Of course, if the university is close to your home, present the idea of commuting to your child. It will save you the thousands of dollars that would have gone toward room and board – money you could put toward next semester’s tuition or use to help your child purchase a reliable vehicle to get them to and from campus. Of course, you may have to work out some new rules or compromise on some old ones once your child starts displaying their independence but that’s completely free of cost.
They may not be the home-cooked meals your child is used to but dining hall offerings will likely be their main source of nourishment as a freshman. How does one determine the right meal plan or funds for food?
We’ve all heard of (or even experienced) the Freshman 15 but if not, it’s the weight a college freshman gains during their first year brought on by easy access to not-so-healthy foods. When parents aren’t there to insist their children finish their broccoli or convince them to opt for salmon over double cheeseburgers, extra calories add up quickly. Many schools are aware of this trend and have done their best to buck it by offering a variety of healthier cuisine choices – a relief to many a conscience and waistline.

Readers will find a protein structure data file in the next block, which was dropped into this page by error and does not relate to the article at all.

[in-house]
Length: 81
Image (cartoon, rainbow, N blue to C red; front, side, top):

If the dining halls at your child’s preferred college seem to have their menus in order, paying for a meal plan is a no-brainer but choose wisely: The unlimited plan is appealing because you know your child will never be without nourishment but students often skip meals if they are running late or have a class during what used to be their time to sit down for breakfast. To save without starving, consider the second or third dining plan options, which are less expensive but still offer plenty of access.
If meal choices at the college are less diverse, consider giving your child a stipend for off-campus dining at the beginning of the semester; this will force them to adhere to a budget and make informed dining choices while on campus and ration the stipend until they come home for break (hello, introduction to money management!).